I'm so glad you decided to join me on my blog. I'll offer product tips, techniques and information. You'll also see the more personal side of our business. I hope you'll enjoy following us on this new journey. Carol

Tuesday, August 11, 2015

Make Your Own Design Wall

I finally got around to making a Design Wall for my studio. We moved almost a year ago and I didn't realize how much I depended on one until I didn't have one.

My studio is very small.  I had to come up with a solution that would give me the maximum amount of space. The room is 11' x 10'. By the time I put a Cutting Table, Ironing Board and my Sewing Machine in there, that doesn't leave much room for anything else. I know I'm spoiled because every room I've worked in before this has been much larger and many people work in a much smaller space.

I found a couple YouTube videos about how to make a design wall and used a little bit from each to make mine. One of the videos showed using duct tape to make a design wall that hinged. I knew I wouldn't have room to swing the wall out on a hinge so I decided that I'd make 2 of them but keep them separate.

I purchased 2 sheets of Insulation Board. They are 8' tall and 4' wide. My ceiling is 8' so they just fit in the room. It was tricky getting them through the doorway and standing them up to see how they would work out.

The only place I had to work on this project was my living room floor. Here's a picture of one sheet on its side and the other sheet is on the floor.

I decided that since it was so hard to get the board through the door and to stand it up, I would take 12" off the length. I don't make that many huge quilts. I'd have to stand on a ladder to reach the top if it was 8' tall and I can probably reach almost to the top of a 7' one if I stand on a step stool. We'll see if someday I regret that decision but for right now, I'm fine with it.

I used a ballpoint pen to mark so it scored the line. Then I used my acrylic ruler and a razor knife to cut on that line. I had to make a couple passes because the insulation board is 5/8" thick.

The front and back of the board was covered with a layer of plastic which I peeled off.

I chose the plain side as the "right" side of my Design Wall. I put that side face up on the floor. I used batting to cover it. I had quite a bit on a roll so that was the least expensive way for me to do it. I didn't have to buy something to cover it. You could also use flannel. The down side to flannel is that it typically is 32" - 40" wide which means you would need to piece it to make it fit on a 4' piece of Insulation Board. 

I started by just laying the batting over the top and roughly centered it. It doesn't have to be exactly in the center because you are going to wrap it onto the back and no one will ever know whether it was centered or not. The way I did it you probably won't even remember which side was longer, even if you were to look on the back when it's all finished.

This was the time consuming and hard part. I smoothed out the batting. This involved crawling around on the tile floor on my hands and knees. I started on one end and smoothed it out. I pinned the batting into the side of the Insulation Board with straight pins.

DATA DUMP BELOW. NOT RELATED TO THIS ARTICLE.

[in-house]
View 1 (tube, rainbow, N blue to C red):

I worked my way all the way around smoothing it out and pinning it as I went along.

 I will say that on the first one I did I didn't pull the batting as tight as I could have. I made it much tighter when I covered the second one.

Once it was pinned all the way around I flipped it over so I could work on the back. I pulled the batting around to the back and pinned it in place. 

I worked my way all the way around and pinned an inch or two in from the raw edges. I folded and mitered the corners.

I roughly trimmed the batting all the way around. On some sides it was a lot wider. This probably wasn't a necessary step. It is the back and no one is going to see it. But I felt that I needed to do it so I did.

Then I started taping the back. I used duct tape. I had some on hand and felt that it would be stronger and less expensive to use than shipping tape, which I also had on hand. I knew that blue painter's tape which I also had wouldn't work. It wouldn't be permanent. I cut small pieces and put them every few inches all the way around, removing the pins as I went along.

After I went all the way around with the short pieces I did really long ones to make sure it was very secure.

Voila! Flip it over and the Design Wall was completed. The first one took about an hour and a half to do. I did the second one in a little over an hour. This picture shows the finished one in front of the second piece of Insulation Board which hasn't been trimmed yet.

I put them in my room with the cut edge at the top. I figured it was rougher and might not be as straight on the floor. I keep them one in front of the other off to one side when I'm laying out a small project. 

For a larger one I just slide the top one over to the left, line them up in the middle and I have one large Design Wall. Here's a picture of a project up on the wall.

Watch for another blog post soon about why it is a good idea to have a Design Wall. It is actually related to the project you see in this picture. 

Until then, Happy Sewing and Quilting,


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